THE BLOG
02/22/2013 05:30 pm ET Updated Apr 24, 2013

Don't Get too Comfortable: The Koch Brothers Will Be Back

Word spread this week that the Koch brothers were temporarily slowing their funding of the extremist Tea Party as they complete an audit of their failed 2012 electoral efforts. This shouldn't be viewed as surrender. Anyone willing to spend hundreds of millions of dollars to win the White House and Congress doesn't give up after they lose one round (especially when they are worth billions). The Koch brothers are committed to gutting environmental protections and devouring government agencies, and they will live to fight another day.

And when that day comes, people who value government safeguards should be ready, because the money the Koch brothers and their polluter friends are saving now will likely be dropped in lump sums later in the year.

The dollar amounts could be astonishing unless America finally creates sensible guidelines for political donations. A new court case could signal whether we will continue to let deep-pocketed donors hold sway.

The case--argued before the Supreme Court--could remove the current limit on how much individuals can donate to political campaigns, parties, and PACs. Right now people can give up to $48,600 to candidates and $74,600 to PACs every two years. Since this case will be decided by the same justices who removed caps on corporate giving in the Citizens United ruling, it's possible the floodgates of personal spending will be thrown wide open.

We need more accountability built into the system or we risk having our political system completely commandeered by the highest bidder. Citizens United blew the lid off donations and the effect was immediate and extreme. In the 2009 Virginia governor's race, candidates spent $15.7 million. After Citizen's United, the 2012 Senate race in Virginia shattered records: candidate spending shot to $32.3 million and outside spending hit $58.7 million.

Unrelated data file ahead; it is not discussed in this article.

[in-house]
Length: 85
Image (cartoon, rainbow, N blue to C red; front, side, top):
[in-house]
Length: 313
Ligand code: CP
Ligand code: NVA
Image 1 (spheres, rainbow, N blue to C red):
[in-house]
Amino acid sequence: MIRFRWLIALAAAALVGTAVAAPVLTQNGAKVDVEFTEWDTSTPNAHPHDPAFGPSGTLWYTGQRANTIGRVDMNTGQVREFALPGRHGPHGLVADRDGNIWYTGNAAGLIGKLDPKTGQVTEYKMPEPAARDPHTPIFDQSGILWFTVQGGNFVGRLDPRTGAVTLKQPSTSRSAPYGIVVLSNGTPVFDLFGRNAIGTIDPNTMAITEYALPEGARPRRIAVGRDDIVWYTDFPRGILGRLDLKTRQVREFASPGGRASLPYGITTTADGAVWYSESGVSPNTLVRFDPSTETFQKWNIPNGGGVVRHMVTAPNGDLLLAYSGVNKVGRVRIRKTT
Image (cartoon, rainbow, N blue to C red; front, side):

When that kind of money pours into a race, it means outsiders talk to voters more than candidates do. Big spenders define the race--and policies and platforms--more than the people's representatives.

The good news is that money can't always buy you love. One of Karl Rove's Super PACs spent almost $105 million in 2012 to support or defeat various candidates but was successful in less than 2 percent of its races. The U.S. Chamber of Commerce, known for its climate denial and fossil-fuel friendly policies, spent more than $32 million in campaigns but achieved less than 7 percent of its desired outcomes. Instead, Americans swept clean energy champions into office up and down the ticket. Polluters had the money; but they didn't have the votes.

Voters can combat the influence of money at the ballot box. But if we don't start demanding campaign finance reform, our power could be eroded by bigger and bigger piles of money. We have to keep holding our lawmakers accountable for the money they accept and the steps they take to reform political spending.

And we have to be prepared the next time polluters' money starts swirling around campaign offices. We beat the Koch brothers and their friends in 2012, but we can't let our guard down. If we want to build a cleaner, more sustainable energy future for our children, we have to roll up our sleeves and get to work.

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